James Linck’s No Future is a bittersweet celebration of his last days in Detroit. This will be his final release before the alt-R&B singer-songwriter moves to the West Coast to pursue his musical career. While writing and recording this EP, Linck was not aware of his impending move, but in hindsight, No Future sounds like a sign of things to come. The lyrics, laden with nostalgia from the idyllic Michigan summer, would almost sound more fitting coming from a car stereo driving down La Cienega.
No Future opens by reprising motifs from Linck’s 2015 full-length Small World, instructing us to “set the children on fire” while verbally illustrating tableaus from Jefferson to 75. Linck’s voice is permanently hoarse from singing with such strained passion, and he blurs the line between poet, singer, and rapper. No Future is possibly his cleanest produced work, and these tracks are ready for radio play. With bouncy synths galore, head-bobbing is a natural side effect.
The EP is chock–full of feel good jams that sound just as great on the fifteenth spin as the first. Linck’s intimate lyrics and candor are genuine, and his distinct brand of pop is infectiously happy. By the time you hit “Half Up Front,” he’ll have you believing you’ve always been lifelong friends. With his exodus on the horizon, he remarks “gotta remind myself / that it ain’t that serious / the way we come and go / mysteriously from black to black.”
No Future ends with the epic Auto-Tune–tinged ballad “When Cars Fly / One More Snooze.” The song is a journey that starts with Linck harmonizing before cutting into a sample of WJLB Radio. He snaps back into an electro-rock jam that awakens listeners from the floating dream amidst radio bumps to close the EP in grand fashion. Until this moment the tracks have flown by, but the outro seems to stop time.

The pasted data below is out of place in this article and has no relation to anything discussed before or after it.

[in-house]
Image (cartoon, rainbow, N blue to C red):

Linck has stated that this EP is like a goodbye letter. Although he was in the dark to the upcoming major life change while making the record, Linck felt “like the creativity was moving on before I actually did in any real world sense.” Coincidentally, Linck recruited more collaborators than usual for this project. Working with a bevy of hometown artists such as Ricky Rugerro, Jon Zott, Ben Bowden, Christopher Jarvis, Ryan Clancy, Steve Kendzorski, and Charlie Beans made for quite the farewell party.
It’s hard to let go — of seasons, of people, of places — but sometimes it’s for the best. It would be foolish to deny opportunities of such magnitude when they arise, as a new environment can often yield immeasurable benefits. James Linck is not the first Detroit artist to move west in pursuit of their dreams. Growth can be bittersweet, but as No Future proves, those are the pains one must endure to realize their full potential.
Listen to James Linck’s No Future EP below: